The SoCal market is not as hot as you think it is: Inventory at 2 year highs for Los Angeles and Pasadena. Inventory for Irvine at 3 year highs.
As we dig deeper into the summer selling season it is becoming more apparent that this summer is going to be a dud for Southern California. From Compton and Inglewoodto San Marino and Arcadia the insanity has reached another apex. Inventory is growing, price gains are stalling out, and sales volume has certainly fallen. Aspirations are certainly different from what your budget can afford. Whenever I see comments about “people are always willing to buy” I tend to agree. People are willing to buy a $700,000 McMansion while making minimum wage as we witnessed in the last housing bubble. Give buyers enough credit and they’ll go hog wild. When it comes to housing, #YoLo seems to be the motto. The will to own a home will make people do some seriously ridiculous decisions. Need we remind you that 7,000,000 people rolled the housing dice and actually lost their homes via foreclosure just in the last decade? You don’t get any cable airtime for “This Failed Flip” or “Stretching our Budget for a Crap Shack.” Who would you get as a sponsor? Maybe Fancy Feast for the baby boomers lounging in their granite countertop gold plated sarcophagus. The housing market is turning in SoCal yet again. But real estate cycles turn with the speed of a sloth. Will we see a minor correction or something bigger?
Looking at inventory
Current prices are too juicy for some sellers to ignore. Since banks have the option of ignoring mark-to-market, you are now starting to see organic sellers cashing in on those million dollar housing lottery tickets. Not a bad option. Even if you own a $1 million glorified tent in Pasadena, you still have to pay taxes, insurance, and maintenance. In the end, you are not generating any cash flow simply by owning a home. Sure, you can tap out equity or go with a reverse mortgage but then you are handing the place back to the bank. Not exactly the best retirement strategy unless your goal is to enter your grave with zero assets and leave a bag of stale Doritos to your heirs (which by the way, is the end game for many renters as well). And this strategy of tapping out equity or selling might be harder to employ when you have grown children coming back home with mountains of debt and crawling back into their Superman and My Little Pony themed rooms.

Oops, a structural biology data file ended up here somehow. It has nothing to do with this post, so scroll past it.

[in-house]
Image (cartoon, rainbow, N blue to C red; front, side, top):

Inventory is rising because sales have plunged. This is happening during the typically hot summer selling season. Let us take a look at inventory for a few locations:
Pasadena has seen inventory levels rise to their highest level in two years. The same can be said for the L.A. City market. Even prime areas in Orange County are seeing inventory grow:
Irvine now has a three year high when it comes to inventory. This change has of course calmed the markets from the hordes of delusional buyers ready to ink away $700,000 for what amounts to a beat up Great Depression built property and essentially begging sellers to take their money. Prices are being driven by mania and this notion that because we are now verifying income and people are buying, that somehow this trend will simply continue. First of all, cash buying is still the dominant force here. We are already seeing investors pullback in many markets. This is why you are seeing sales volume being very low:
From 1998 to 2008 the 1-year running average of California sales hovered above 45,000. Sales in May crawled along to 37,734. Not exactly a booming market when you look at current prices. Current prices are simply a reflection of the low inventory over the past few years and insatiable investor demand.
3810 Canfield Rd, Pasadena, CA 91107
3 beds, 2 baths, 1,785 square feet
Well first of all, we at least get two bathrooms here. This place is a nice example of someone cashing in on their lottery ticket:
Current list price of $775,000. This home was purchased back in 1971 for $32,000. Before saying “see, housing is the best investment ever!” if you would have stuck that $32,000 into the boring S&P 500 you would now have $2.4 million. You can buy this house and have a cool $1.6 million left to avoid eating Purina Dog Chow into retirement. But Californians of course are hormonally charged to purchase real estate and they fail to run the numbers for alternative investment options.
And this is why the LA/OC market is destined for booms and busts:
We just had a very nice boom. Going back to the 1980s, this pattern has held steady. So what comes after the boom? Or is it truly different this time because of large investor buying and the continuing gentrification of California into a renter state?